After the night was over, I was looking for more stuff to get into. It was so late, there was nothing else happening, but the show was so great that I didn’t want to stop listening to music. I wanted to keep going. So I went home and literally put on my headphones and kept rocking.
The Robert Glasper Experiment has announced that they will release their upcoming album entitled Black Radio on February 28, 2012. Thus far what we know about the album is that Glasper and his experimental-music mongers Casey Benjamin, Derrick Hodge, and Chris “Daddy” Dave will be joined by a slew of exciting guest performers including Erykah Badu, Bilal, Lupe Fiasco, Lalah Hathaway, Shafiq Husayn, KING, Ledisi, Chrisette Michele, Mos Def, Musiq Soulchild,Meshell Ndegeocello, and Stokley Williams. Forget what you thought you knew about the Experiment; this album is sure to bring the music to a new level.
Soul-pop-space-jazz monster Meshell Ndegeocello’s new album Weather is now streaming on NPR’s website. The album is heavy on slow, sultry jams that really do an amazing job at creating a heavy mood. Her output has been pretty varied throughout the years; her 2007 album Devil’s Halo was a little more produced & electronic based, but this record is more along on the lines of her 2003 reggae tinged lp Comfort Woman, which featured everybody’s favorite jazz-hip hop all star drummer Chris Dave, among others.
The concert started in an abrupt and satisfying manner with Jason Moran marching onto the stage declaring “Let’s play!” before he immediately began attacking the piano in his best Fats Waller imitation. The talented roster of musicians holding down the band soon followed suit. Yet, it wasn’t until Meshell marched out with the professional dancers that the party really got started.
In collaboration with the Harlem Jazz Shrines Festival, Ndegeocello is joining forces with pianist Jason Moran for the Fats Waller Dance Party, an evening dedicated to the music of Fats Waller and the dancing his music inspired. Waller was a popular piano player in the 1920′s and early 30′s who pioneered the stride piano technique. Stride piano borrowed the rhythm of ragtime but recast it into a more swinging, steadier beat, essentially laying the groundwork for modern jazz. In the 20s, jazz and dancing worked in tandem. Moran and Ndegeocello believe that they still should.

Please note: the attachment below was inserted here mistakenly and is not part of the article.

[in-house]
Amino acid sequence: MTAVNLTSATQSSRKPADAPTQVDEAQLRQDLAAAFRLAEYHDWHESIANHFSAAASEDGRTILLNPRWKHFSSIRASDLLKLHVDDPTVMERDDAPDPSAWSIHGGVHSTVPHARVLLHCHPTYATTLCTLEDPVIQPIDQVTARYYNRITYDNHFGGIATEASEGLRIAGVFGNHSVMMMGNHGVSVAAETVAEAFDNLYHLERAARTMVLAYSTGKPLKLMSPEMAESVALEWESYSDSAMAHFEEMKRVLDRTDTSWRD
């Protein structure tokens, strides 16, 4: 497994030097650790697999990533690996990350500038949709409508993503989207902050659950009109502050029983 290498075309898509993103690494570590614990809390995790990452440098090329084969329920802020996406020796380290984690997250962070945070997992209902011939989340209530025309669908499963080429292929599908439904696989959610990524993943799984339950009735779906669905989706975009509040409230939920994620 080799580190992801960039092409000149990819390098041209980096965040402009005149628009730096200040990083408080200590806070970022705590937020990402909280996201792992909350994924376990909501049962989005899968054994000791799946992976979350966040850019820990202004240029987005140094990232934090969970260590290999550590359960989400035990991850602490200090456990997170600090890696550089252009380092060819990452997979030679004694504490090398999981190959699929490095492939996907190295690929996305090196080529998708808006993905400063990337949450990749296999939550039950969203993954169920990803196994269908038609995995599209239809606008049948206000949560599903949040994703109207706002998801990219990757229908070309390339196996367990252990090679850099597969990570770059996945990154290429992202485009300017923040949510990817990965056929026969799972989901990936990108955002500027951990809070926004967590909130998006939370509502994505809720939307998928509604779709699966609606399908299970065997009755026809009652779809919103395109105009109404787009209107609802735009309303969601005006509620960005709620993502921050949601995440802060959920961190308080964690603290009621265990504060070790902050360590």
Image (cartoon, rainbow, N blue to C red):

Looking back on the last forty years since the release of Bitches Brew, we have seen numerous generations of new musicians and artists coming up and making their individual, indelible marks on the world. Yet, certain things have that special spark, lingering around through the changes that time brings, altering the course of new artistry and serving as a guiding force for young artists. Bitches Brew continues to last the test of time guiding the likes of Nas, Wayne Coyne, Don Cheadle, Bill Cosby, and many more. Check out their take on how the album affected them accompanied by special edition Bitches Brew 40th Anniversary photos.
Wrapping up the Fall ’10 season at the Harlem Stage was the one night performance of “Off the Wall: A Michael Jackson Tribute.” Contrary to the plethora of Michael tribute shows out there, this group — including a tight group of young musicians and vocalists led by musical director and keyboardist Raymond Angry — sought to change up the feel, making the songs their own. It was less a cover show than a reinterpretation and homage to the songs that Michael brought to us throughout the years. Highlights included a swooning, emotional arrangement of “Billie Jean” by Chris Turner as well as numerous rearranged classic with the vocal prowess of the young stars blowing away the sol-out crowd.
Jesse Fischer grew up with parents of a mixed background… musically that is. With the classical influence of his father and more rock oriented influence of his mother, Jesse grew into something most musicians (and anyone for that matter) dream of; he is sensitive. Sensitive to other musicians and a sensitive multi-instrumentalist, but most of all sensitive to the music. It is rare to find a musician so in tune with his own ambitions and abilities as Jesse, so without further adieu, Jesse Fischer…